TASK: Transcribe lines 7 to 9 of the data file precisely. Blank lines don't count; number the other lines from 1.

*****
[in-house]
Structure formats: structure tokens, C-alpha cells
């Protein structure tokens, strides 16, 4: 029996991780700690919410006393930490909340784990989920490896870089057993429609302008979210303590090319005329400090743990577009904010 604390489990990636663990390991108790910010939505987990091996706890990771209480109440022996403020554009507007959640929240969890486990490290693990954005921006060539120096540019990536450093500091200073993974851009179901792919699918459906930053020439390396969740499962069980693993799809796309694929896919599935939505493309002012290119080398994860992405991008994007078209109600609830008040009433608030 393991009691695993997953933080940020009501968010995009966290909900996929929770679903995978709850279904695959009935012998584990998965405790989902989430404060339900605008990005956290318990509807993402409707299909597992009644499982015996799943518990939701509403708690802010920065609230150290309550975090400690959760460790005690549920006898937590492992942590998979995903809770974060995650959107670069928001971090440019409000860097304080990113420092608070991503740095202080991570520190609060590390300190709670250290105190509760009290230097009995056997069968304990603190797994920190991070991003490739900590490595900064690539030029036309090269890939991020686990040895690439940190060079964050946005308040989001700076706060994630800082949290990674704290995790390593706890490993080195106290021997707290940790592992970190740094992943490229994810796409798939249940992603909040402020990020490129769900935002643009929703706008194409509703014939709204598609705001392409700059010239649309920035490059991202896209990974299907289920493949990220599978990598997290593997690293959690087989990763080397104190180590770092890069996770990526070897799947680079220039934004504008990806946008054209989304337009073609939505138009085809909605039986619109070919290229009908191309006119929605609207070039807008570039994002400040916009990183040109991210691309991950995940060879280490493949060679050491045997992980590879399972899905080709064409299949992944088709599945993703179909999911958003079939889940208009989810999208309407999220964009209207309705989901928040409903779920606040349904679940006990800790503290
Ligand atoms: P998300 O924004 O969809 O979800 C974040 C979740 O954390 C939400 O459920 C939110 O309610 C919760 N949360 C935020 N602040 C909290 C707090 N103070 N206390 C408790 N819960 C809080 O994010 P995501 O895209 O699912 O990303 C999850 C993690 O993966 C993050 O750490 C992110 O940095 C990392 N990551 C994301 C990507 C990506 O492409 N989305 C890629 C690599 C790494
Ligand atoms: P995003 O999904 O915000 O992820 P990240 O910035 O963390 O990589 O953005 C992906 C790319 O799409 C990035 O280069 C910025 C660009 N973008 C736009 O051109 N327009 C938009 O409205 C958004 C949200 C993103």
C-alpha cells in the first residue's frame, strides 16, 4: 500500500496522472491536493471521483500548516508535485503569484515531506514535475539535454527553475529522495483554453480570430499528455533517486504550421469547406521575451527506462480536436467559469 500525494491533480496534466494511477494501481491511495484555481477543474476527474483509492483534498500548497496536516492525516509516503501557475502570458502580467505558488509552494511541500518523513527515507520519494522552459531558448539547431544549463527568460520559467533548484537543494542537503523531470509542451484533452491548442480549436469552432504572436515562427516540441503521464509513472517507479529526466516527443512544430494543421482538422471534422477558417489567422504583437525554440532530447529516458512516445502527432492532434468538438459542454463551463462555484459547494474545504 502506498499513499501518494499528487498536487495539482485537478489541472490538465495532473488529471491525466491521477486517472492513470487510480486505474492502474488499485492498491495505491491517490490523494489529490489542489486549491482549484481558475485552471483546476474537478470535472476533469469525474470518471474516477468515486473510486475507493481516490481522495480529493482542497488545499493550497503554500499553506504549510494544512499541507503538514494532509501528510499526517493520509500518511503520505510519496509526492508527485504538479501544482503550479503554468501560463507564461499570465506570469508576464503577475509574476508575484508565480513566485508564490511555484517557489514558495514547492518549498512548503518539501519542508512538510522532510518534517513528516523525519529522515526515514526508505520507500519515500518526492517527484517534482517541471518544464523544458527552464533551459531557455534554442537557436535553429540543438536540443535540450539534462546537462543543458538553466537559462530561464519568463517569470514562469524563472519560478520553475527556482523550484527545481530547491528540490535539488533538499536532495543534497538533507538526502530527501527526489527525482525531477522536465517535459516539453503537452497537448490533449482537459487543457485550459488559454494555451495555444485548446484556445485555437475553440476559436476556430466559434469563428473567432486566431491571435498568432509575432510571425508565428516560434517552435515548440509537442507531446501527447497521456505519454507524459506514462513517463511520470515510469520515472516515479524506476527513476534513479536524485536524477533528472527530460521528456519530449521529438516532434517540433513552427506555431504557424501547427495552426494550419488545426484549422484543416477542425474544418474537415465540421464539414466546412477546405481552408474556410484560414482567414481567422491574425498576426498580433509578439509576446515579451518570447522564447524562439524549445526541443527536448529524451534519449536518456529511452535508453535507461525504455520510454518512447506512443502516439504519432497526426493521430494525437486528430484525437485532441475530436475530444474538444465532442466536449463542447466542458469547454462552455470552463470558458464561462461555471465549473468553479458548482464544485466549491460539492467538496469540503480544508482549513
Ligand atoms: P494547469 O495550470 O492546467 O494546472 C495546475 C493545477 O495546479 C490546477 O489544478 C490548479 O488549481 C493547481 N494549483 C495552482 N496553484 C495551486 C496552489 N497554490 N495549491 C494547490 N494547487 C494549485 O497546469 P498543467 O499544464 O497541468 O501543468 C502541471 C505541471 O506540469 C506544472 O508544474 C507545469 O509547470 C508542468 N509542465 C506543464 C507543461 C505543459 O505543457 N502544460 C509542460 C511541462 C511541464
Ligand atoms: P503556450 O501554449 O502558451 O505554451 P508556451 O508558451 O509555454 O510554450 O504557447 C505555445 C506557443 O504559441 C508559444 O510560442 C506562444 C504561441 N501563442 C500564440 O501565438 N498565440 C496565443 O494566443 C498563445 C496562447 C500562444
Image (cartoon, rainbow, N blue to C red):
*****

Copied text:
Ligand atoms: P494547469 O495550470 O492546467 O494546472 C495546475 C493545477 O495546479 C490546477 O489544478 C490548479 O488549481 C493547481 N494549483 C495552482 N496553484 C495551486 C496552489 N497554490 N495549491 C494547490 N494547487 C494549485 O497546469 P498543467 O499544464 O497541468 O501543468 C502541471 C505541471 O506540469 C506544472 O508544474 C507545469 O509547470 C508542468 N509542465 C506543464 C507543461 C505543459 O505543457 N502544460 C509542460 C511541462 C511541464
Ligand atoms: P503556450 O501554449 O502558451 O505554451 P508556451 O508558451 O509555454 O510554450 O504557447 C505555445 C506557443 O504559441 C508559444 O510560442 C506562444 C504561441 N501563442 C500564440 O501565438 N498565440 C496565443 O494566443 C498563445 C496562447 C500562444
Image (cartoon, rainbow, N blue to C red):